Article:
3. Budget Pick: Beans72 Organic Buckwheat Pillow
An authentic Japanese buckwheat pillow that’s 100% organic, from the cover material to the buckwheat hulls inside.
The organic buckwheat pillow by Beans72 is available in several sizes, including Japanese, queen, twin/standard, travel/child and king. These pillows are made in the USA using 100% US grown organic buckwheat hulls and a 100% natural unbleached cotton cover. Buckwheat pillows are known for helping with sleeping problems like tension, muscle pain, stiff neck, headache and stress.
If you suffer from any of these problems, you should try out a buckwheat pillow! These pillows conform to your head, neck, and shoulders to provide perfect support. They don’t collapse like memory foam or other pillow types, leaving you feeling trapped, hot, and unsupported. Buckwheat hull filled pillows contain lots of natural spaces, leaving room for air to circulate so you don’t get hot while you sleep.
The buckwheat hulls in these pillows are handpicked and put through a triple cleaning process to remove any dust, buckwheat flour, and debris from the hulls before placing them in the pillow. The natural buckwheat hulls are 100% organic, grown without the use of pesticides, herbicides, or unnecessary additives. The case material is durable, yet soft and comfortable to sleep on.
Buckwheat pillows are typically heavier than other pillow types, and they’re filled based on the pillow size you choose. If you want a pillow that will stay in place all night and not slip out from under you, buckwheat is the way to go. The creator of these pillows is from Japan, where they originally became popular, and wanted to help people in America get access to these great pillows.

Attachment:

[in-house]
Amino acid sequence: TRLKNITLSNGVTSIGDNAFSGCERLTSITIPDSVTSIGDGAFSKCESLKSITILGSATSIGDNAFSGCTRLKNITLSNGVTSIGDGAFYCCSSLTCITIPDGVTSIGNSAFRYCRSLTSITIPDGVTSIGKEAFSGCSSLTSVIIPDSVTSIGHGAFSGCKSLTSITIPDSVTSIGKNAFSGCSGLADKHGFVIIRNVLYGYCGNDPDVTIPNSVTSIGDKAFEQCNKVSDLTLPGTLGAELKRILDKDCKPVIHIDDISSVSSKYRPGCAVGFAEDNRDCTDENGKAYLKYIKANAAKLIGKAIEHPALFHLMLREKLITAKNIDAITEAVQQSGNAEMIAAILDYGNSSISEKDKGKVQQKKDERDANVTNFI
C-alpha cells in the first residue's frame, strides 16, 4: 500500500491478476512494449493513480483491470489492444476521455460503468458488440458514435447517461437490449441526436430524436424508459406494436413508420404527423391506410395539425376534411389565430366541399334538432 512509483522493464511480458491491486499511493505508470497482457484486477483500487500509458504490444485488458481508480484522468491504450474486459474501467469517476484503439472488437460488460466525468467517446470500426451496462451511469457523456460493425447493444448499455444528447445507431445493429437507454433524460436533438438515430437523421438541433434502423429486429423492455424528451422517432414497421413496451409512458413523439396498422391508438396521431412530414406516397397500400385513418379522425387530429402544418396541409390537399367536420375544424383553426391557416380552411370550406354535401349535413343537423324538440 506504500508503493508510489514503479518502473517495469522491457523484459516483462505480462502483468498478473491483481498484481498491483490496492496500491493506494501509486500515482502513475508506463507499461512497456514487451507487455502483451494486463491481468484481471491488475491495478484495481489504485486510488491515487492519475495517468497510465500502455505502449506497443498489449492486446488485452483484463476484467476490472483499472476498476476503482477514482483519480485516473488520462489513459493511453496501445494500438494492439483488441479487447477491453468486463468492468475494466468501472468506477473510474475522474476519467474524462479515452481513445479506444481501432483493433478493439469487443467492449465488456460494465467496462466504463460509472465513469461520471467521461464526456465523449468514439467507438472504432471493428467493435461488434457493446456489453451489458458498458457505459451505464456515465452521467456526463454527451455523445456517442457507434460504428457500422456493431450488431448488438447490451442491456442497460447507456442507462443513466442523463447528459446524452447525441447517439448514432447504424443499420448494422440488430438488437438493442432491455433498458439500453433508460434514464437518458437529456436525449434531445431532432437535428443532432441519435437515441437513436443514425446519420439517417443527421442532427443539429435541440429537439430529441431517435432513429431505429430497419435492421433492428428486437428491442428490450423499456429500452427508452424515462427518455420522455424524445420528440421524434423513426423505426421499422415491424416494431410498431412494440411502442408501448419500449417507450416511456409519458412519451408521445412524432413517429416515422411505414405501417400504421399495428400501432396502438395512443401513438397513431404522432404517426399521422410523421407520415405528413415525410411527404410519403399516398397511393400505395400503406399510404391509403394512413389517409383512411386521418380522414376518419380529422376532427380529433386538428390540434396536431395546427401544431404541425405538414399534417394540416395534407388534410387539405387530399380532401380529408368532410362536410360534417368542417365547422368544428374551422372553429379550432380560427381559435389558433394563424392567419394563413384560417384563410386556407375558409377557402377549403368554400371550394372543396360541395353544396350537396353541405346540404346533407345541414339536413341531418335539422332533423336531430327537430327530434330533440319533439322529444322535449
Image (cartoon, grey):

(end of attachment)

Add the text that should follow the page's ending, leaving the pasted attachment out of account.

Pros: Adjustable by adding or removing hulls, authentic Japanese buckwheat pillow, totally organic
Cons: Too firm and noisy for some sleepers, some customers dislike the buckwheat smell
Buckwheat Pillows FAQ’s
Are buckwheat pillows good for you?
According to author and presenter, Renee Loux:
“Buckwheat hull pillows are very firm and supportive, and they contour well … To me, they feel a little like sleeping on a beanbag, but some people love them. They shape and shift to support the head and neck while keeping the spine straight.”
If you want a natural pillow that provides long-term support, consider these benefits of buckwheat pillows:
Buckwheat pillows help you sleep cool
Since buckwheat pillows are filled with hulls and not a solid material, there’s lots of room for air to flow through the pillow. Since buckwheat hulls don’t retain heat like other materials, this makes buckwheatthan most other pillow types. Unlike other pillows, you won’t find yourself needing to flip your pillow to the ‘cool side’ in the middle of the night.
Supportive lift for neck and shoulders, useful also if you snore
Finding a truly supportive pillow is difficult because a lot of pillows compress under your body weight or lose their loft over time. Buckwheat hulls are relatively hard and don’t have the give that you would find with materials like memory foam or down. This leads to better support for sleepers, especially side sleepers who need to keep their spine in alignment but have trouble finding high loft pillows.
If you suffer from poor sleep, headaches, or wake up with neck and shoulder pain, buckwheat pillows might be able to help. They mold to the shape of your head, neck, and shoulders and provide real pressure relief, so your muscles aren’t working or tensing up while you’re asleep. Since they’re heavier, buckwheat pillows also won’t slide out from under you while you sleep leaving you unsupported, either.
These pillows can even help some people who snore! Since snoring can be caused by disrupted airways, keeping your spine in good alignment may stop snoring issues. However, keep in mind that in some cases there are also underlying health reasons for snoring that can’t be solved just by switching pillows. If your partner snores loudly, see if buying them a buckwheat pillow will help!
More durable than their counterparts
Buckwheat pillows are known for being one of the most long-lasting pillow types. If taken care of well, a buckwheat pillow can last for around ten years and not get flat! They may be more expensive to buy, but when you think of how many cheaper pillows you would need to get during that timeframe, you’re saving money. Buckwheat pillows with quality cases and buckwheat hulls are quite durable.
Buckwheat pillows are naturally hypoallergenic